Here I sit, on a porch in the mountains of Banner Elk, North Carolina, overlooking a ski slope. Ironically, there’s a sign over the porch that reads, “Porch Therapy.”

 

It’s dark outside. Just a few lights scattered above the frozen muddy white swath of snow. My eyes adjust between the leafless trees to the fast-moving shadowy figures as they zip by, one after the other over the frozen ground. Each one faster than the previous.

 

Their speed makes me nauseous. I close my eyes.

 

My diaphragm feels achingly tight. A sensation between the immediate fullness of overeating and the dread a child senses as he awaits his punishment from a disappointed parent.

 

I catch myself holding my breath. My shoulders are tense and clinched upward. Every muscle is tired as if I’ve been keeping them in this position since before I can remember.

 

I try to take a deep breath and drop my shoulders. But my breath is shallow and urgent. My shoulders relax for a moment before they instinctively return to their taught position – tension.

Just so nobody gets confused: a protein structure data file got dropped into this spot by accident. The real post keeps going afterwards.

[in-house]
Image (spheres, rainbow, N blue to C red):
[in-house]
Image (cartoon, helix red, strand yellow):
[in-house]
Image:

Now, my thoughts are racing from one memory to the next. From the past to the unknown. I can’t concentrate. The images I see are out of focus. My mind keeps changing the View Master as it searches for something it can lock onto. A slide of a memory that’s in focus. Any memory.

 

Nothing. I am growing frustrated and anguished.

 

I open my eyes. I take another deep breath. This time my chest rises in extension. I hold it. Then exhale. My body deflates and I sink back into the wooden chair beneath me.

 

I am exhausted. Lightheaded.

 

This isn’t over for me.

 

I am way down in it and it’s just the beginning.

 

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